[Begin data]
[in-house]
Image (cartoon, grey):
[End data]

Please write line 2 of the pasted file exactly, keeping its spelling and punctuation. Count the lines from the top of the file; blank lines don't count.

Image (cartoon, grey):